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Reconciling Climate Model/Data Discrepancies: The Case of the ‘Trees That Didn’t Bark’


Estimates of Equilibrium Climate Sensitivity (ECS)—the temperature with a doubling of CO2—usually are between 1.5 °C and 5 °C warming, with a mid-range/most likely value close to 3 °C. Notably, comparisons of simulations of temperature changes over the past millennium with paleoreconstructions of past temperatures tend to suggest an ECS value toward the lower end of the range closer to 2 °C, which deserves closer scrutiny. In this chapter, I review evidence that paleoreconstructions may selectively underestimate the cooling signal associated with large explosive volcanic eruptions of the past millennium, due to their reliance on tree-ring data from tree-line-proximal environments. Once large volcanic episodes are masked, these comparisons instead support a mid-range of ~3 °C of ECS. Regardless of the reason for the model/paleodata discrepancy, ECS estimates—I argue—should not rely on comparisons that include these episodes.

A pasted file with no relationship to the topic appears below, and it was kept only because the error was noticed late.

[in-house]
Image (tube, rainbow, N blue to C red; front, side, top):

• Equilibrium Climate Sensitivity (ECS)
  • Past Millennium
  • Large Explosive Volcanic Eruptions
  • Dendrochronology
  • Missing Rings

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Mann, M.E. (2018). Reconciling Climate Model/Data Discrepancies: The Case of the ‘Trees That Didn’t Bark’. In: A. Lloyd, E., Winsberg, E. (eds) Climate Modelling. Palgrave Macmillan, Cham.

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